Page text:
Saturday, April 29, 2017

Share Windows files and Folders in Oracle VirtualBox 5.1 VM

This post is about sharing Windows files and folders with Linux Guest Operating System in Oracle VirtualBox VM.


1.      Installed Oracle VirtualBox VM 5.1
2.      Guest Operating System Oracle Enterprise Linux 7.X installed in virtual machine.

1.      Insert Guest Additions CD Image

In VirtualBox VM windows select “Devices -> Insert Guest Additions CD image” menu option.

Image:01-Insert Guest Additions CD

2. Run Guest Additions

Click on Run button to install Guest Additions module.

Image:02-Run Virtual Box Guest Additions

3. Press Return

Press “Enter” key in the keyboard to exit from the installation terminal.

Image:03-Press Return

    4. Create Shared Folder

In Oracle VM VirtualBox Manager window click on “Shared folders” to open wizard to create Shared Folders.

Image:04-Create Shared Folder

5. Add Folder
In “Add Share” window click on “Folder Path:” drop down button and then "Other" option to browse folder to share. Then browse folder you want to share.

Image:05-Add Folder Path

In this case, I am sharing folder “F:\VM\SharedFolder\” . Select “Auto-mount” and “Make Permanent” check box. Restart Linux guest operating system, the shared folder will be automatically mounted in “/media/sf_SharedFolder/”. Permanent option will make the mount option persistent across VM operating system reboots.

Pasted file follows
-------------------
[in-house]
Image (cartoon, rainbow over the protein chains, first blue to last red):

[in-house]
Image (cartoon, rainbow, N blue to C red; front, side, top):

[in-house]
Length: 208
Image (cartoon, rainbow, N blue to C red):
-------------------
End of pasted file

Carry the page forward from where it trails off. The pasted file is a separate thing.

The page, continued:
6. Provide Folder Name

Enter a name for shared folder. This folder appears as sf_{folder name} in Linux guest operating system. Click on “Ok” button to continue.

Image:06-Add Folder To Share

7. Shared folder created
Click on “Ok” button to continue.

Image:07-Shared Folder

8. Check the shared folder

Login to guest operating system and check if the folder is mounted.

Image:08-Check Shared Folder

9. Add user to vboxsf group

The ownership of files and folders accessed this way is root:vboxsf, so the user through which these files are accessed should belong to vboxsf group. The command below is used to assign grid and oracle user to vboxsf group.

[root@db12c-01 ~]#usermod -a -G vboxsf grid

[root@db12c-01 ~]#usermod -a -G vboxsf oracle

Hope this helps.

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